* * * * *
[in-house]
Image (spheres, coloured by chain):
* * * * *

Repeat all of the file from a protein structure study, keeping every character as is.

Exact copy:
[in-house]
Image (spheres, coloured by chain):